Vietnam: Day One

Well, today I flew from Bangkok to Hanoi, Vietnam, for a couple of days. Thank goodness a driver and English-speaking guide picked me up at the airport. Some poor English-speaking chap at baggage claim asked how to get to the city, which is an hour’s drive from the airport. I had no idea. I feel sorry for him!

Before we were even two blocks from the Hanoi International Airport we had to suddenly slam on brakes. A huge cow was crossing the main 4 lane road. The cow was then followed by an entire heard crossing from one rice patty to the other side! This place is a cacophony of extremes! Then, within another few blocks, we passed a small scooter with a huge live pig strapped across the seat behind the driver! I wished I had my camera, but I’m sure to get even more interesting shots.

The guide said that the traffic in Hanoi would be terrible. I’ve seen outrageous traffic before, Moscow being the worst. But, I think this place wins for the sheer terror of being run over. The land of the bicycle no more! There are literally thousands of small scooters everywhere and most have at least two people on them. Throngs of people everywhere, crowded beyond belief, and dusty/dirty, the city has about 5,000,000 people and almost every adult, according to the guide, has a scooter.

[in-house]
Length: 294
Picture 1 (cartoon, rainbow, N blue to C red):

Oh, and completely the opposite of Bangkok*, people are constantly blowing their horns as if to say, “I’m over hear. Don’t run over me.” It’s literally astoundingly much worse than New York City. People on scooters or in cars will turn out in front of oncoming traffic or pedestrians will walk out and cross a six lane road of oncoming traffic as if they are invincible. No right of ways–just go.

I’m staying in a very nice French Colonial hotel in the heart of town, by the lake. After a brief rest, I’ll grab the camera and hit the streets. This will be a wild ride!

* My Bangkok guide said that, because of their religious beliefs, the people in Bangkok try to live more harmoniously and will rarely ever use their horn. (This reminded me of the Japanese culture, where I never heard a car horn.) The narrow Bangkok streets are far more crowded with cars than Hanoi, but I only heard 2 horn blows in Bangkok. Interestingly, it was my car service driver on the way to the airport when two cars almost turned in to my side of the vehicle on the interstate.

Click here for a list of all of the posts from my trip to Vietnam.